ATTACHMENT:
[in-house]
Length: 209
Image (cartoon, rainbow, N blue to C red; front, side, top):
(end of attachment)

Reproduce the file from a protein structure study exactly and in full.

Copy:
[in-house]
Length: 209
Image (cartoon, rainbow, N blue to C red; front, side, top):